In what’s already been a challenging season, the news of the Zika virus landing in Miami — one of the hottest cities for tourism and retail in the U.S. — is causing anxiety among some retailers.
After an initial outbreak in trendy arts district Wynwood in early August, the Centers for Disease Control and Prevention announced that pregnant women should not travel to Miami-Dade County after more local transmissions were discovered.
Experts said while the immediate impact might not be noticeable — particularly since high season doesn’t kick up until November — the real worry with Zika is long term.
Marshal Cohen, chief industry analyst of retail at The NPD Group, said that if the virus extends into the Carolinas, Georgia and Louisiana, retailers would definitely feel a shift as tourists change plans. “We are thinking about how consumers are thinking and feeling about Zika, and we keep coming back to the fact Congress didn’t vote for spending to solve the problem, so I think people are waiting to see,” Cohen said.
The anxiety comes after the CDC announced almost all the allocated Zika funds for Florida have been used, leaving many pointing a finger at Congress, which left funding off the table before summer recess.
Jacob Antebi, VP of sales for Marc Joseph New York, has seen the impact of Zika on tourism at its Puerto Rico store. Antebi said traffic dropped off significantly after the virus was found on the island.
In response, the brand is giving more attention to local shoppers there ahead of its third store opening — in Boca Raton, Fla.
“We have a great staff who really cultivated a good relationship with the locals, so we don’t have to rely on tourists only,” Antebi said. “You have to take care of the local customer.”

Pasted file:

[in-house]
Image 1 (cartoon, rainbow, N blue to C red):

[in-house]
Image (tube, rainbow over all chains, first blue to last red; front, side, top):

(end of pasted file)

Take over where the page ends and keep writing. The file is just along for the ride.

Cohen suggested that since Miami is a key test market for shoppers, the shock waves of a dampened tourism season could give false reads on in-demand styles and product that sells.
Alechemist co-owner Roma Cohen said that while Zika itself is a concern — the virus is definitely the focus of much conversation around town — it hasn’t affected his business yet. “It’s present,” said Cohen. “But this is a slower moment for retail in the second half of August and September. Our sales have been steady, even though it’s out there in the press. It was probably a bit more of a scare for Wynwood.”
Similarly, local independent running chain Fit 2 Run, which operates 15 stores in Florida, hadn’t seen much of an impact in attendance for the weekend fun runs it hosts and with people stopping in.
One big shift is happening, though: Marketing manager Jayme Epstein said the chain’s buyers were looking to start stocking bug-repellant options.“We’ve heard that tourism has dropped just a bit from the Chamber [of Commerce], but people in Miami are still coming out and going along,” she said.
At Wynwood-based Sneak Attack, which opened earlier this year, manager Albert Elkerson said traffic has been steady among local residents and tourists alike. He added that the store has been spraying repellent and making sure that standing water doesn’t accumulate near the store, as directed by the health department.